Saturday, March 18, 2017

Whose turn to screw the workers? (1986)

The Letter From Europe column from the March 1986 issue of the Socialist Standard

If you are reading this article after 16 March you will already know the results of the general elections in France: Mitterrand's so-called Socialist Party (PS) will have lost its overall majority in the National Assembly, the National Front will have won a parliamentary representation for the first time, the previous opposition leaders will be arguing over what to do, and so on.

But this is only the tinsel of politics. The real issue in these, as in all elections everywhere in the world, is whether or not the wage and salary earning class is once again to put political power into the hands of the capitalist class that exploits them. Unfortunately, given the level of political consciousness in France, as elsewhere, the result is a foregone conclusion: these elections are going to be won by the capitalist class. Their control of political power will be confirmed by the re-election of a National Assembly composed exclusively of politicians pledged to support the continuation, in one form or another, of the money-wages-profits system that is capitalism.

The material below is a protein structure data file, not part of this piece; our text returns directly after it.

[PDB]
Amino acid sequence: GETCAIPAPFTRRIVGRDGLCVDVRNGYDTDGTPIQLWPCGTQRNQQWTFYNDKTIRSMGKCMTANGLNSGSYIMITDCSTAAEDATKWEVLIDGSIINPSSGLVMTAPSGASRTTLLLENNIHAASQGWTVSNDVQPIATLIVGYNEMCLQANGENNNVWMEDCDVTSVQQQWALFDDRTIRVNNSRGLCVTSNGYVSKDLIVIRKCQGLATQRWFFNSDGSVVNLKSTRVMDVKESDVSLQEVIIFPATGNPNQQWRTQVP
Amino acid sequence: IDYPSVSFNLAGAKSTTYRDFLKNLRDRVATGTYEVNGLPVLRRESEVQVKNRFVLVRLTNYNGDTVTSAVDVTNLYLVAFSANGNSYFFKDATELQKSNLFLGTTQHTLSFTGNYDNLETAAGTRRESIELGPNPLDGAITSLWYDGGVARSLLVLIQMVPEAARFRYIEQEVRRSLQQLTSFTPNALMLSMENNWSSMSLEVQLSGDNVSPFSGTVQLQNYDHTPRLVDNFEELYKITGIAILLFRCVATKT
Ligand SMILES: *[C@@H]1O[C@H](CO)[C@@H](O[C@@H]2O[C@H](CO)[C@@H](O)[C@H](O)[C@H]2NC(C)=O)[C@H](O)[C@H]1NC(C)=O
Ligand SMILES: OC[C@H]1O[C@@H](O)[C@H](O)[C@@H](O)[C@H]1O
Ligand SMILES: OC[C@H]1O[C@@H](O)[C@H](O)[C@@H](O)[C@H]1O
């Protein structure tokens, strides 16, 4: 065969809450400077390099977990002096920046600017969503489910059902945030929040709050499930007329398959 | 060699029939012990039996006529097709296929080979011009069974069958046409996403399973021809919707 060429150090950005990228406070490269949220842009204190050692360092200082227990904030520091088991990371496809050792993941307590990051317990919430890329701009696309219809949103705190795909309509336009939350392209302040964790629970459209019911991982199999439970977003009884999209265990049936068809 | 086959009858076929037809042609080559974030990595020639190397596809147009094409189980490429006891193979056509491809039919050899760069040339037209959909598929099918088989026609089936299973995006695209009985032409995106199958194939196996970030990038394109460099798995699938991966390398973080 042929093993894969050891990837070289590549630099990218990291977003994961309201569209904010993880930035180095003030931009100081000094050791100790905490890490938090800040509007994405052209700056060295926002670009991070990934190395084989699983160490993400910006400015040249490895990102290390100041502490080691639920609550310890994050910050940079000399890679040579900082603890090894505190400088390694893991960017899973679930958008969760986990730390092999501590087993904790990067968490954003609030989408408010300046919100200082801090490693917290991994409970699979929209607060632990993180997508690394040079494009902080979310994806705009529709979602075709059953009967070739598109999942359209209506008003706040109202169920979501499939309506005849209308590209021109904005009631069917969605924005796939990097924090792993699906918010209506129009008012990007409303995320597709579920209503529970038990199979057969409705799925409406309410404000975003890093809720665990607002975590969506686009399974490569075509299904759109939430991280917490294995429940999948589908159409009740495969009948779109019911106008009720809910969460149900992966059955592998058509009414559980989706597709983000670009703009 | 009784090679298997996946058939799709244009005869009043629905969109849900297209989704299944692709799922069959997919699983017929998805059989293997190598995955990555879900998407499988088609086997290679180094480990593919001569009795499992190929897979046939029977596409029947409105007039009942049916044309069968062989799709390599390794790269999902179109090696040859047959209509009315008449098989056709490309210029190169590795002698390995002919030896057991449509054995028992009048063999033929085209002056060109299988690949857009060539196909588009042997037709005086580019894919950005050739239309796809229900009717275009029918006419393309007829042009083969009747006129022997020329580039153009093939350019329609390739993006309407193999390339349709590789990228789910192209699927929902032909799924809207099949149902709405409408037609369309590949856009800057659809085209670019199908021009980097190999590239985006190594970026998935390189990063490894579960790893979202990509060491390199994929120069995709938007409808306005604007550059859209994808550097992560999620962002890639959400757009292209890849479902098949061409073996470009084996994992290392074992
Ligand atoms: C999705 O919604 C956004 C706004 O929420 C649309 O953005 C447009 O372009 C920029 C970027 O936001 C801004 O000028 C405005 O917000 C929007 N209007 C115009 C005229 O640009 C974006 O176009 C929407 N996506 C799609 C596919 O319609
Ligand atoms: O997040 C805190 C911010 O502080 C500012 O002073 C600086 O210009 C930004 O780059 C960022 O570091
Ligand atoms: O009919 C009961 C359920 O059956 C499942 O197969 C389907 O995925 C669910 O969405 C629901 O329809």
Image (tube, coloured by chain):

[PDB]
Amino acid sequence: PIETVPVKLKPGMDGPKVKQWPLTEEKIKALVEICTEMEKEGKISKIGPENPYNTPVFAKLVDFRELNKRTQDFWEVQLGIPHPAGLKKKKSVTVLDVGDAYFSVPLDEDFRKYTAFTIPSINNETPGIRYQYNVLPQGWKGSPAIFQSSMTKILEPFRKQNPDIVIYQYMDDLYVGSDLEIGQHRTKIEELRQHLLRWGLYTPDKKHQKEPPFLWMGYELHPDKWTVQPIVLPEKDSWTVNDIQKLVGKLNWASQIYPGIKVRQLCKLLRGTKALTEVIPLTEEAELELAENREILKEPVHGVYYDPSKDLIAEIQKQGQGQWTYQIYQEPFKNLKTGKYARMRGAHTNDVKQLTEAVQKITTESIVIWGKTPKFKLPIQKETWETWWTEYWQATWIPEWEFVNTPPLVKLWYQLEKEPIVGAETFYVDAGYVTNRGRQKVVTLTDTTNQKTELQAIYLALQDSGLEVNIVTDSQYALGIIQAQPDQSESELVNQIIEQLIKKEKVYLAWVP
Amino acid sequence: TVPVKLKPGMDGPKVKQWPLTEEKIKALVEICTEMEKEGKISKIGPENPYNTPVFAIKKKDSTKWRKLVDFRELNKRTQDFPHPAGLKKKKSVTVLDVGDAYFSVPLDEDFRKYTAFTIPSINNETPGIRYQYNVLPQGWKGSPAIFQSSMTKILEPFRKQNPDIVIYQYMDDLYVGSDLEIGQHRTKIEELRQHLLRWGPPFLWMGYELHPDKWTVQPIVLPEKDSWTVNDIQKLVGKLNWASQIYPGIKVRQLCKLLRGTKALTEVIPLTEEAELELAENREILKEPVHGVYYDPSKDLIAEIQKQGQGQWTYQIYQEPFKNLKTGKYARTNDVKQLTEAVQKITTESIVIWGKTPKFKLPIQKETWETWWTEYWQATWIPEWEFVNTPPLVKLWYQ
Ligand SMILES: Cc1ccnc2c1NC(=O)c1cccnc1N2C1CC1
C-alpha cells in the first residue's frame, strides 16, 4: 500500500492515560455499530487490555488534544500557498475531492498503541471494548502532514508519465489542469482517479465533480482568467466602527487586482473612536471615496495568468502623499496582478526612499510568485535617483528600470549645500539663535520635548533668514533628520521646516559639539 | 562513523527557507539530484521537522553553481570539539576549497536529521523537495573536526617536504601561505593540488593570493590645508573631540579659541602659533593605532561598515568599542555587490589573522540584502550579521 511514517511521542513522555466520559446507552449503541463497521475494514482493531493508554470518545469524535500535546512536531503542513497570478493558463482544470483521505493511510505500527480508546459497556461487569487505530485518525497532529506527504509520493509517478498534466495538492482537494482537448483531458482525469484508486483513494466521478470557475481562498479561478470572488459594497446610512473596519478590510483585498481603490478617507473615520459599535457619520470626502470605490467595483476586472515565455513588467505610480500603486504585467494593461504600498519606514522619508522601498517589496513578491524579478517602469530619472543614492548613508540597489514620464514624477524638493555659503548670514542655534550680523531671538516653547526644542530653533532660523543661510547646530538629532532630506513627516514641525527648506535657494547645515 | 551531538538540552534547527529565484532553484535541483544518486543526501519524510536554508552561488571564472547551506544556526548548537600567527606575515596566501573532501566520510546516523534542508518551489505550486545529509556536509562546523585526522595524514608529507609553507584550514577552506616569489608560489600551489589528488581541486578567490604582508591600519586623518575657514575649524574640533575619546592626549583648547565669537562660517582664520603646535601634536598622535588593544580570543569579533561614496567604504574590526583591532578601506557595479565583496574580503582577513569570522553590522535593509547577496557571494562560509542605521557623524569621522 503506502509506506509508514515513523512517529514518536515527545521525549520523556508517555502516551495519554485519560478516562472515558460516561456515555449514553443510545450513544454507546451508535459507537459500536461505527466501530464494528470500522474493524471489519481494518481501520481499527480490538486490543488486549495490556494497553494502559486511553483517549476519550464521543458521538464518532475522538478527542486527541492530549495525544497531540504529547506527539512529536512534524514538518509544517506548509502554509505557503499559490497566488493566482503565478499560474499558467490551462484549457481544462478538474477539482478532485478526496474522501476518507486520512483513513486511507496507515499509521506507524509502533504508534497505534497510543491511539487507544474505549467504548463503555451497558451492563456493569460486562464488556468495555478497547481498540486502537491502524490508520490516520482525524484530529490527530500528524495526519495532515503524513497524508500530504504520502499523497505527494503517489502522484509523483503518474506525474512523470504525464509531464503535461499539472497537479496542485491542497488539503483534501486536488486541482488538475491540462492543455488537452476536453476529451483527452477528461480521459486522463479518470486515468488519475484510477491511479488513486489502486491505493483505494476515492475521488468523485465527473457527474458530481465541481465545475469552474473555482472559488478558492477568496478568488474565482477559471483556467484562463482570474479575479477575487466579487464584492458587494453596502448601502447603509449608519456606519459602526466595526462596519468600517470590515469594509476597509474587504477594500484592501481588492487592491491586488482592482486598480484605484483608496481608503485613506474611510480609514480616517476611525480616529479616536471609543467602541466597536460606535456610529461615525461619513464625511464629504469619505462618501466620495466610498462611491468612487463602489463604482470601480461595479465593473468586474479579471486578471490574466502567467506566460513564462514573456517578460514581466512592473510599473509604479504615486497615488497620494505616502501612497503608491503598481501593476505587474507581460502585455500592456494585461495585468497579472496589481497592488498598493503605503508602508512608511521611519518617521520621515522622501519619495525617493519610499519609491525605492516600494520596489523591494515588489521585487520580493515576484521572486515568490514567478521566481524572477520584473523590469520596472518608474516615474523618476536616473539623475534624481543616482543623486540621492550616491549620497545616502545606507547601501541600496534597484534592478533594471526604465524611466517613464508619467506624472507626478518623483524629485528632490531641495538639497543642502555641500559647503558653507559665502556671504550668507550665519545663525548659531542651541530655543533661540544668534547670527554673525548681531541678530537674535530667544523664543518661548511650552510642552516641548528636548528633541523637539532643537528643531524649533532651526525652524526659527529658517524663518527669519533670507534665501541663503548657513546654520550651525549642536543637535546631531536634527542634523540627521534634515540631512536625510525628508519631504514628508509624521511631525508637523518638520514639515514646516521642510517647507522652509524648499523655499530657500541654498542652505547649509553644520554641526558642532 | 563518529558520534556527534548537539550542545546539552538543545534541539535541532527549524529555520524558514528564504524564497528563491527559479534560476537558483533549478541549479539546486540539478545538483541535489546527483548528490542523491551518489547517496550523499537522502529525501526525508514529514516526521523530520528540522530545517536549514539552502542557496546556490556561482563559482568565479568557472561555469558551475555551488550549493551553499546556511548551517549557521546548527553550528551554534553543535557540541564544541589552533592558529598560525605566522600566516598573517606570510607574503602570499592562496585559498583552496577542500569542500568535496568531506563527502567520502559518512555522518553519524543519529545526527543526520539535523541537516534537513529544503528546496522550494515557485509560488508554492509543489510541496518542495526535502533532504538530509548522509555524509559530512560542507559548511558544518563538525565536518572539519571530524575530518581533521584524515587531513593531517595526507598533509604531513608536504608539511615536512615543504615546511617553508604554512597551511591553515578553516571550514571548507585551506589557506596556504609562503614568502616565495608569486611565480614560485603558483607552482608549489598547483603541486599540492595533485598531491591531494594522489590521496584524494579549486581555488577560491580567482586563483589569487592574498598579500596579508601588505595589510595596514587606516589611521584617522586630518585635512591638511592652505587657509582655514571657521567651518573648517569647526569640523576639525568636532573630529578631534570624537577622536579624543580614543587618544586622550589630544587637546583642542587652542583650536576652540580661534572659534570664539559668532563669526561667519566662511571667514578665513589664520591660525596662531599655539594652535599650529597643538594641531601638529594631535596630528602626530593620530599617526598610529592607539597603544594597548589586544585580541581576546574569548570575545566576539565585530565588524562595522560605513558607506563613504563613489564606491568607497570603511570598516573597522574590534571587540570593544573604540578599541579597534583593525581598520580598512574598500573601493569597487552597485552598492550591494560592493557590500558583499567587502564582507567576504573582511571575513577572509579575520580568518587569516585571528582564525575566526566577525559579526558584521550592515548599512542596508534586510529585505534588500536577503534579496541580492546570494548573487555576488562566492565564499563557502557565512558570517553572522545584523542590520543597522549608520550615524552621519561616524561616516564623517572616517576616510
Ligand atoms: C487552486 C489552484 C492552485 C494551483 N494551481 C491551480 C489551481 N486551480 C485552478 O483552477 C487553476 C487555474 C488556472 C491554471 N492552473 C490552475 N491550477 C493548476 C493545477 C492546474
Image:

The differences between the contending parties — whether the so-called communist and socialist parties on the Left or the RPR. UDF or National Front on the Right — are purely superficial, a question of which particular gang, or combination of gangs of place-hunters is to have responsibility for managing the governmental affairs of the French capitalist class. In short, who — the Left or the Right — is to have the privilege of turning the screws on the wage and salary earning class in France.